Saturday, January 13, 2007

 

Album Art & Lyrics Cards

Until a solution is presented, I'm going keep coming back to this. Now that music is going digital, what's going to happen to album art and printed lyrics? We're so quick to jump ship toward something new that we forget to look for sharks in the water. We're so quick to embrace the newest in technology that we forget to examine what we might be giving up. When it comes to album art, some think, "Good riddance to bad rubbish. No tears here if there is no album art. " On MPR's The Current music blog, Hans Eisenbeis posted "Album art! Does it matter anymore?" The title says it all, but there are several wonky album covers pictured in the post. If we want to have a discussion about album art, why don't we pick the cream of the crop, rather that the crap? I, of course, think that album art is important. I am an artist and album art is a great way to bring fine art to the masses. Album art gives fans a physical representation of musicians and bands. It allows us to connect with musicians along another dimension. Album art helps to brand musicians. It is also one avenue of employment for visual artists. If pictures of the musician or band members are included, we get to know what people look like. Another important part of album art is the printed lyrics. How often have we misinterpreted a song because the singer or our hearing wasn't as clear as desired?

I asked my daughter, who did not grow up with 12-inch albums, if she liked CD booklets with their album art. She answered in the affirmative. She especially liked being able to read the lyrics. Daughter has an iPod, and she said, "Mom, the album art comes with the downloads." I asked her to show me this album art. There it was, in postage stamp form on her iPod screen. If that's what album art has come to, why bother?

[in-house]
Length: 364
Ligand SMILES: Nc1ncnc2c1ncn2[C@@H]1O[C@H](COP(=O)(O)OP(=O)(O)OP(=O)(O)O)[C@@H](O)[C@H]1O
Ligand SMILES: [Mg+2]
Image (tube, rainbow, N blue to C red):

Of course, with music becoming available solely through the digital realm, album art can't remain the way it has. For one, most people download singles, rather than entire albums. We're not going to want an entire CD booklet for one song. You can find lyrics for most any song online, but I, for one, don't want to be intravenously connected to a computer 24/7. I listen to music away from the computer and want to be able to have quick access to those lyrics.

I've been pondering this problem of dying album art & lack of lyrics for a while and have a possible solution: Lyrics Cards. For each song a band creates, there could be a card produced that has lyrics on one side & art on the other. Think of playing cards, no . . . that's not quite right . . . think of Tarot cards. Lyrics cards would have to be bigger than playing cards so the lyrics would fit. I suggest cards about the size of current CD booklets, if only because most of us have CD holders we could fit them into. They'd also be big enough to show some decent artwork and allow the lyrics to be seen without a magnifying glass. I imagine Lyrics Cards to be like trading cards. We can mix-and-match with friends. We can arrange our own playlists with them. When someone downloads a song, if they desire, they could have a Lyrics Card mailed to them. Bands could use them as promotional items.

So, there you have it. My crazy idea for saving album art: Lyrics Cards. Will it work? I have no idea. Maybe I'm just an old codger at the tender age of 39. Maybe I'm not with it and the majority of people want to see album art and printed lyrics leave in a whimpering fizzle. I, however, am not ready to give up without a fight.

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